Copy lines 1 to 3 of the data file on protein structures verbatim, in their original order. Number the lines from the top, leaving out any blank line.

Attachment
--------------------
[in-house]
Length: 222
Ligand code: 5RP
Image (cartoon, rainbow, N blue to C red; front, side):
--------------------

[in-house]
Length: 222
Ligand code: 5RP